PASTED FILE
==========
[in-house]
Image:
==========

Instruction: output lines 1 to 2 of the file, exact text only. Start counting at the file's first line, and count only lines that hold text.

[in-house]
Image: